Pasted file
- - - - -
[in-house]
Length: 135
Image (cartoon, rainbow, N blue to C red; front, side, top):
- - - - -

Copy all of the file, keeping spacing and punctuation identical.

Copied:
[in-house]
Length: 135
Image (cartoon, rainbow, N blue to C red; front, side, top):